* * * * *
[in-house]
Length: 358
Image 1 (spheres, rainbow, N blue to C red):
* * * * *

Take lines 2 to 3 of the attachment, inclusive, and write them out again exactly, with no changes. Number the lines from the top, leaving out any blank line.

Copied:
Length: 358
Image 1 (spheres, rainbow, N blue to C red):